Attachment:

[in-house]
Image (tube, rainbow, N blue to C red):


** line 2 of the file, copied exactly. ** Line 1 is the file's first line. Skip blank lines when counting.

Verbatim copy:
Image (tube, rainbow, N blue to C red):